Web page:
Congratulations to J.Q. Rose who won a 1000 word, pitch, and query letter critique from Joan Edwards on last week's blog.
This week we're hearing from Linda Phillips who is a familiar face to many of you. Her book CRAZY, came out in 2014 and she's still marketing it--although this maybe a "novel" idea for many of you. Take it away, Linda!
Carol: I understand you tried a new way to market CRAZY. Care to explain what you did and how you got the idea?
Linda: I recently exhibited the book at the Blue Ridge Bookfest, which means I wasn’t a speaker but was invited to set up a table and sell my book. While we are speaking about marketing tools, book festivals are an interesting lot. You need to choose them wisely, unless you have unlimited time and funds. Many times you have to pay a registration fee, sometimes you must join the organization with an even higher fee, most times you must foot your own bill for lodging, and they usually span two days of your time. Unless you are the featured speaker or a well-known name, you will probably average around a half-dozen sales. But the upside is the networking, and that almost always leads to lucrative new connections, ideas, or gigs.
Back to the Blue Ridge. Someone mentioned a well-known author who originally boosted his sales by buying up his own books. That got me thinking outside the box, and on the drive home, I came up with this idea. My book is about a teenage girl coming to terms with her mother’s mental illness, and May happens to be Mental Health Awareness Month. What if I bought up some of my own books and gave them away, with the asking price of a review on Goodreads? My agent is currently shopping my second book and she keeps reminding me that potential editors love to prowl around and look at your numbers. The idea seemed like a win-win situation.
Carol: How did it turn out? What were your expectations for this experiment? Did you meet them?
Linda: I’ve learned over the past year-and-a-half that lower expectations reap happier results. I put a notice on our neighborhood list serve, as well as posting on Facebook, and told myself I would be happy if I connected with a half-dozen people. On Saturday morning I parked myself at the top of my driveway with a lawn chair and a sign, another book to read, and a bag of my books. Here are the results:
- Three responses from FB, including a hospital chaplain.
- One neighborhood acquaintance who, unbeknownst to me, is a retired counselor.
- Two neighbors whose family members have bipolar.
- A college student majoring in Psychology who gave me the name of her professor. (By the end of the afternoon, I had a presentation booked with this professor.)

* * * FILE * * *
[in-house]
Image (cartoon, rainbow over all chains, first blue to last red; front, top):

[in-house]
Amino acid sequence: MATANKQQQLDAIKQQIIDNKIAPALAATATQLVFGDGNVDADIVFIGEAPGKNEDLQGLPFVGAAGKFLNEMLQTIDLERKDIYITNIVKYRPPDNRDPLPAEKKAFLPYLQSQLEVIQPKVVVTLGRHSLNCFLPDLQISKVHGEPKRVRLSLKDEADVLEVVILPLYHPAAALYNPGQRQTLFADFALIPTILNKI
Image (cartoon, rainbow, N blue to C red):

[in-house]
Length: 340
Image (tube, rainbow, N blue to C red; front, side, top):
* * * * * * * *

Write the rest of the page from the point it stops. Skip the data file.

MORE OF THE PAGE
- Another college professor had committed by email, and became discouraged when she discovered she couldn’t use my driveway and would have to cross the street.
- And sadly, more than one person who quickened his or her steps to rush by me after reading my sign, or crossed the street before having to pass by me. If you are counting, you’ll note that I made seven positive face-to-face encounters. I’d call it cheaper, more satisfying and certainly as successful as any book festival I’ve attended recently.
Carol: Would you do it again? How would you change it?
Linda: Yes, I am hoping to repeat it a couple more times during the month of May. Unfortunately most of the colleges are between semesters right now. I’m toying with the idea of sitting in front of the trunk of my car in a key parking lot, but I haven’t firmed that up yet! Certainly if I do it again at home, I will move onto the grass so someone can pull into my driveway. We live on a busy street, and I just hadn’t thought that one through. Ah, the intricacies of marketing! And if I really get gutsy, the thought occurred to me that the idea might be newsworthy and a phone call to the local paper might be in order.
Carol: Can you share any of the conversations you had?
Linda: The conversations with those who “connected” followed the same pattern I’ve seen since the beginning of promoting my book. There is a look of understanding, something that clicks in the person’s life experience that erases stigma and opens the way for awareness and acceptance. I know that is general, but it is really the best payback I have received with CRAZY. My goal from the beginning was to start a dialogue about mental illness, and I feel gratified and thankful that it has happened every step of the way, one person at a time.
I would just like to add that I can step back and see the change that has happened within myself as a writer since October 2014. I think being comfortable giving the book away marks a new phase for me. You might call it not taking myself so seriously, not taking the writing life so seriously, getting a grip, chilling out, or you name it. I think it’s like trying to get pregnant, or being a new parent. Once you relax, good things start happening.
How about you? Would you be willing to read and review CRAZY? If so, Linda will send you an autographed copy. All you have to do is be one of the first five people to email Linda by noon on May 20 and promise to post a review on Goodreads. Here is Linda's email address: email@example.com. Enter soon!